Life As a Physics Professor
Example of Physics Professor Job Teach courses pertaining to the laws of matter and energy. Includes both teachers primarily engaged in teaching and those who do a combination of teaching and research.
List of Physics Professor Job Duties
- Compile, administer, and grade examinations, or assign this work to others.
- Collaborate with colleagues to address teaching and research issues.
- Maintain regularly scheduled office hours to advise and assist students.
- Maintain and repair laboratory equipment.
- Write grant proposals to procure external research funding.
- Supervise students’ laboratory work.
Physics Professor Skills
These are the skills Physics Postsecondary Professors say are the most useful in their careers:
Instructing: Teaching others how to do something.
Speaking: Talking to others to convey information effectively.
Reading Comprehension: Understanding written sentences and paragraphs in work related documents.
Science: Using scientific rules and methods to solve problems.
Learning Strategies: Selecting and using training/instructional methods and procedures appropriate for the situation when learning or teaching new things.
Writing: Communicating effectively in writing as appropriate for the needs of the audience.
Related Job Titles
- Physics Department Chair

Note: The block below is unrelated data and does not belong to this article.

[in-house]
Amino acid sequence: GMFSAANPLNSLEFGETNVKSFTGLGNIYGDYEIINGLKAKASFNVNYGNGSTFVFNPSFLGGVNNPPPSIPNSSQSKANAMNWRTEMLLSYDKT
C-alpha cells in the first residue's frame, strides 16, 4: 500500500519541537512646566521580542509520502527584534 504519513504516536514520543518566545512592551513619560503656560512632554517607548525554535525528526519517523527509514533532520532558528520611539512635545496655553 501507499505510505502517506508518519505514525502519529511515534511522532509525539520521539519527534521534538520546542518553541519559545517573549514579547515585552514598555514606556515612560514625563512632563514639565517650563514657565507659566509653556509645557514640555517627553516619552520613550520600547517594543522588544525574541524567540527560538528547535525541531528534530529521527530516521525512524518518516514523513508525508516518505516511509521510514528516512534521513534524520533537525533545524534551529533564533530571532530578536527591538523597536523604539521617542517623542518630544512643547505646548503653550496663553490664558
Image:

- Aerodynamics Teacher
- Math and Sciences Department Chair
- Aerodynamics Professor
- Astrophysics Professor
Are There Job Opportunities for Physics Postsecondary Professors?
In the United States, there were 17,600 jobs for Physics Professor in 2016. New jobs are being produced at a rate of 10.2% which is above the national average. The Bureau of Labor Statistics predicts 1,800 new jobs for Physics Professor by 2026. The BLS estimates 1,600 yearly job openings in this field.
The states with the most job growth for Physics Professor are Utah, Colorado, and Washington. Watch out if you plan on working in Wyoming, Vermont, or South Dakota. These states have the worst job growth for this type of profession.
Salary for a Physics Professor
The salary for Physics Postsecondary Professors ranges between about $49,260 and $174,490 a year.
Physics Postsecondary Professors who work in California, Rhode Island, or New Hampshire, make the highest salaries.
Below is a list of the median annual salaries for Physics Postsecondary Professors in different U.S. states.
|State||Annual Mean Salary|
|District of Columbia||$100,940|
What Tools do Physics Postsecondary Professors Use?
Although they’re not necessarily needed for all jobs, the following technologies are used by many Physics Postsecondary Professors:
- Microsoft Excel
- Microsoft Word
- Microsoft Office
- Microsoft PowerPoint
- Microsoft Outlook
- Web browser software
- Data entry software
- Email software
- Autodesk AutoCAD
- The MathWorks MATLAB
- Google Docs
- Computer aided design CAD software
- National Instruments LabVIEW
- Practical extraction and reporting language Perl
- Calendar and scheduling software
- Blackboard Learn
- Learning management system LMS
- iParadigms Turnitin
- DOC Cop
How to Become a Physics Professor
What education or degrees do I need to become a Physics Professor?
What work experience do I need to become a Physics Professor?
Who Employs Physics Postsecondary Professors?
Physics Postsecondary Professors work in the following industries:
Image Credit: A. T. Service via Creative Commons Attribution-Share Alike 3.0 Unported
More about our data sources and methodologies.
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